Despite the evident risk presented by increased launches of spacecraft in an environment already thoroughly populated with satellites, the number of spacecraft launches every year has only gone up, with 2023’s record 180 launches. Additionally, many agencies and nations are planning large-scale launches of satellite networks known as satellite constellations. Constellations can consist of hundreds or even thousands of individual satellites with constellations like Elon Musk’s Starlink system currently consisting of over 5,000. Due to the sheer number of satellites in one of these constellations, the risk of collisions is significantly higher than that of just one satellite. Additionally, a number of anti-satellite weapons have been developed by nations around the world. Among these weapons are missiles designed to hit and destroy satellites in orbit, creating yet another unregulated source of space debris. In fact, global militaries have destroyed five satellites during weapons tests since 2000 and have created over 5,000 pieces of debris.  

A chain reaction described by Kessler syndrome happening in the modern day would have massive consequences back on Earth’s surface. Not being able to launch satellites would greatly hinder all industries involving satellite use. The destruction of satellites providing navigation services, for instance, would have far-reaching effects from hindering transportation across large distances to limiting the functionality of smartphone maps. A lack of communications satellites could cause a global communications blackout, which would impact nearly every aspect of modern life from a basic phone call to global politics and economics. Additionally, a cataclysmic space debris event would make space launches and exploration all but impossible, and any satellites or other spacecraft trying to enter orbit after one of these events would almost certainly be destroyed by pieces of debris. 

Currently, there are no international initiatives to clear Earth’s orbit of debris and defunct satellites. However, smaller actions have been taken by individual organizations in the fight against space debris. For instance, the Federal Communications Commission’s five-year rule entails that after a satellite orbits for five years, its operators must remove it from orbit by maneuvering it to an altitude low enough for it to safely fall to Earth. Additionally, monitoring larger pieces of space debris can help satellites avoid collisions. The U.S. Space Surveillance Network tracks space debris greater than 10 cm, and ground-based radar systems can track debris as small as 3 mm. Furthermore, there has been an effort to remove orbital, man-made objects. Debris can be removed through active debris removal, the process of physically capturing and deorbiting defunct satellites using robotic arms, nets, or lasers. However, active debris removal technologies remain in their early developmental stages. Research into these technologies is ongoing, such as the European Space Agency’s planned ClearSpace-1 program’s robotic claw to capture pieces of debris and the promising Japanese startup Astroscale’s satellites, designed to magnetically dock with pieces of debris and maneuver them accordingly.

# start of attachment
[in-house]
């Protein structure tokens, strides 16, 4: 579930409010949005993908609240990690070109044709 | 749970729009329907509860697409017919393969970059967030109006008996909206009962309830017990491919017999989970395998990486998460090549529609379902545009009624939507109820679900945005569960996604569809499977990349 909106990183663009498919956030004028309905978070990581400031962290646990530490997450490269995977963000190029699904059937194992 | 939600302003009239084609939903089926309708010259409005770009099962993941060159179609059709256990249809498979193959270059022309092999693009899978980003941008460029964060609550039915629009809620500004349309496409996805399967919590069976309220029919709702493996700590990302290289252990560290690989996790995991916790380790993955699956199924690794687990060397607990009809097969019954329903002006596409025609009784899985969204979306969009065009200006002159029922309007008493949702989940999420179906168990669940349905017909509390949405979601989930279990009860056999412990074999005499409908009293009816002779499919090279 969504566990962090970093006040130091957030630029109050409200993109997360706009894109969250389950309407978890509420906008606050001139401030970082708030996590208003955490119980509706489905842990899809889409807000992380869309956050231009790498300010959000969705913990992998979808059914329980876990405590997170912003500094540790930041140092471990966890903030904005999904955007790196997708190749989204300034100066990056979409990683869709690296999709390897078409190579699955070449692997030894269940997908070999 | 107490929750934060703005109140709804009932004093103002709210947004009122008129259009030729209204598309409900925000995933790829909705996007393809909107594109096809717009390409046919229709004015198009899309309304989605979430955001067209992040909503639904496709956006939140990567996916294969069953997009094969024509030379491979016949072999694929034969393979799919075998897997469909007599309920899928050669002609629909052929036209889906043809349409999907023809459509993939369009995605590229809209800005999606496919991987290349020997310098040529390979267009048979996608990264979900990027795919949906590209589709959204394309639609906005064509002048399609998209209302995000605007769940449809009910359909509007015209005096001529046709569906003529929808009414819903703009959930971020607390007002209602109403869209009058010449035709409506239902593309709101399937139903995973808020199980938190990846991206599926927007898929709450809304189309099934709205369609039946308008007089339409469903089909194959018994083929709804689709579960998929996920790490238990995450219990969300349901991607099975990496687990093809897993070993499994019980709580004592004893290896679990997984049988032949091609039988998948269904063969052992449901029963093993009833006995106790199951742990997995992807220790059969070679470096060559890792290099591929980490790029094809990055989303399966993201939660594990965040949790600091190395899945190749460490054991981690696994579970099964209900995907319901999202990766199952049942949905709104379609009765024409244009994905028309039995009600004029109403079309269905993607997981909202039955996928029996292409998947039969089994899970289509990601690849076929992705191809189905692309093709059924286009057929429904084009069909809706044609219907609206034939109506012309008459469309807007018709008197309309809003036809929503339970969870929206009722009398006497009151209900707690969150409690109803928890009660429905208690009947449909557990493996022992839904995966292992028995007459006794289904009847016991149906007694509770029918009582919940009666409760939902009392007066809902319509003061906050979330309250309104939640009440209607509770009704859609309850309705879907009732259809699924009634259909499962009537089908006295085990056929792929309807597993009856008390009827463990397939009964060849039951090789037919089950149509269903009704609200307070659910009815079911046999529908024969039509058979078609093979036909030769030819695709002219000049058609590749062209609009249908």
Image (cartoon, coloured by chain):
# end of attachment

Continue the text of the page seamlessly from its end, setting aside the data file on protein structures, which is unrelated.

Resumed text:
The growing risks of Kessler syndrome and space debris will continue to pose a threat to spacecraft. Addressing this issue will be critical to expand humanity’s presence in space and ensure the continued use of satellites for critical purposes like communication and navigation. Establishing clear regulations is crucial to minimizing the creation of more space debris from new launches and weapons systems. Fostering greater global collaboration for monitoring space debris and developing new technology will be necessary for creating a safe and effective solution to Kessler syndrome.